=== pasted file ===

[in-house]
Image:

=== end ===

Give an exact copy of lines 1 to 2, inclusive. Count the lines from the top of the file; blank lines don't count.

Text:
[in-house]
Image: